Structure and Functions of Education

Introduction:

Education is a lifelong process. It begins the day we are born and ends the day we day we die. Found in every society, it comes in many forms ranging from the “school of hard knocks” or learning by experience to formal institutional learning from postindustrial to non-industrial communities, from rural to urban settings and from youth to older person. Education is commonly defined as cultivation, transmission of knowledge, and skill development that is imparted from an older to a younger generation. Historically, education is closely related to organized society.

The institutionalization of the education system, more recently, posed a set of questions in social sciences that addressed and explored the link of education to society in a more systematic manner. Philosophy has customarily inquired into the nature of educational aims that best serve current or aspired forms of social organization. Education is a social institution that sociologists are very interested in studying. They are interested in all types of learning process, formal and informal. This includes teaching formal knowledge such as reading, writing, and arithmetic, as well as eaching other things such as morals, values, and ethics.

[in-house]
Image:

Education prepares young people for entry into society and is thus a form of socialization. Sociologists want to know how this form of socialization affects and are affected by other social structures, experiences, and outcomes. Sociology attempts to explore the relationship of education to the functioning of other societal institutions in causal terms, employing for this purpose the concept function; theorizing on this relation flared up during the 1960s to 1980s in western countries. Sociology of education is a field that focuses on two separate levels of analysis.

At a acro-level, sociologists work to identify how various social forces, such as politics, economics, culture, etc. , creates variation in schools. At a micro-level, sociologists look to identify how variation in school practices lead to differences in individual-level student outcomes. 2. Sociology of Education: The sociology of education provided important insights to the ways in which school affects individuals and groups. It is the application of sociological theories, perspectives and research methods to an analysis of educational process and Peter Snelson (1974) defines education as a condition of human survival.

It is the eans where by one generation transmits the wisdom, knowledge and experience which prepares the next generation. Peter Herold (1968) defines sociology of education as “the study of the origin of organizations, institutions and development of human society’. His definition refers to the study of sociology of education by using the historical approach. It studies initial specific conditions. Emil Durkheim (1858-1917) who regarded as the father of sociology of education clearly defines sociology of education as “a systematic study sociological perspective”.